Maple Syrup Urine Disease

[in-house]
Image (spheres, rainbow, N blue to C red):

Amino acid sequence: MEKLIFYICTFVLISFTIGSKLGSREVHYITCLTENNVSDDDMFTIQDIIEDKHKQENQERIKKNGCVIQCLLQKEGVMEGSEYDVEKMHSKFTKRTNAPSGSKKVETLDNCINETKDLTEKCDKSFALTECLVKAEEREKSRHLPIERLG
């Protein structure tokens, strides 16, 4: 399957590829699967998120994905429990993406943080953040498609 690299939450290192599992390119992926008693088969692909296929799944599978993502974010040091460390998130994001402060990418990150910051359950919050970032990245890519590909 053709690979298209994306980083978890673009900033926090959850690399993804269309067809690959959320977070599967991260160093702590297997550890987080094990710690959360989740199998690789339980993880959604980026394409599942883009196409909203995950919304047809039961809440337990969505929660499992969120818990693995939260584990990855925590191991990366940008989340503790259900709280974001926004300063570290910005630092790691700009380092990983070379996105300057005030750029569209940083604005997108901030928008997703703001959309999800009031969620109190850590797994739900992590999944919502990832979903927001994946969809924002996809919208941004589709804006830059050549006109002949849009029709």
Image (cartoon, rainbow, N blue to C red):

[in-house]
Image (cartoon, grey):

Maple syrupe urine disease (MSUD) is an autosomal recessive metabolic disorder that leads to the accumulation of branched-chain amino acids. Infants with maple syrup urine disease have urine with a distinctive sweet odor that is reminiscent of maple syrup. This sweet-smelling urine is usually noticed prior to diagnosis and during acute disease. MSUD is caused by a defect in branched-chain ketoacid dehydrogenase, which leads to the accumulation of isoleucine, leucine, and valine. This accumulation of branched-chain amino acids leads to a number of CNS problems: developmental delay, lethargy, and posturing (decorticate or decerebrate). If left untreated, patients usually die in infancy. Since thiamine pyrophosphate (TPP) is a cofactor for branched-chain ketoacid dehydrogenase, some forms of maple syrup urine disease may improve and be treated with thiamine (vitamin B1).